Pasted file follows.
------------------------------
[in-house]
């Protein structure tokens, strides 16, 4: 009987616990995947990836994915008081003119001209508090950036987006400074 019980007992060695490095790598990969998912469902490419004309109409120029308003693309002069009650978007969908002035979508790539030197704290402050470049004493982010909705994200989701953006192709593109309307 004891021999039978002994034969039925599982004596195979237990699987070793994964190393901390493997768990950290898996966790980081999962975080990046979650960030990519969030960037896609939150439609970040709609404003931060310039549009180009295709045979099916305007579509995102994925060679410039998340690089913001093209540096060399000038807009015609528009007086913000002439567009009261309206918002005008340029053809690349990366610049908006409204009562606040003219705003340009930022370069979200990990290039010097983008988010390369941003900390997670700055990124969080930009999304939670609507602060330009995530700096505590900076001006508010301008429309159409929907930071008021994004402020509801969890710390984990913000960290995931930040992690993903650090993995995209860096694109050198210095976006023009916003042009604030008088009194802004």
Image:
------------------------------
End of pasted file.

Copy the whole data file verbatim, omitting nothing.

[in-house]
């Protein structure tokens, strides 16, 4: 009987616990995947990836994915008081003119001209508090950036987006400074 019980007992060695490095790598990969998912469902490419004309109409120029308003693309002069009650978007969908002035979508790539030197704290402050470049004493982010909705994200989701953006192709593109309307 004891021999039978002994034969039925599982004596195979237990699987070793994964190393901390493997768990950290898996966790980081999962975080990046979650960030990519969030960037896609939150439609970040709609404003931060310039549009180009295709045979099916305007579509995102994925060679410039998340690089913001093209540096060399000038807009015609528009007086913000002439567009009261309206918002005008340029053809690349990366610049908006409204009562606040003219705003340009930022370069979200990990290039010097983008988010390369941003900390997670700055990124969080930009999304939670609507602060330009995530700096505590900076001006508010301008429309159409929907930071008021994004402020509801969890710390984990913000960290995931930040992690993903650090993995995209860096694109050198210095976006023009916003042009604030008088009194802004």
Image: